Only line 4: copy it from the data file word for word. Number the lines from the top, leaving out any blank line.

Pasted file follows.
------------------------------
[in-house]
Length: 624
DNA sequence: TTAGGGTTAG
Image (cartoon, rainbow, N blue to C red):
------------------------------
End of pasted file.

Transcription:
Image (cartoon, rainbow, N blue to C red):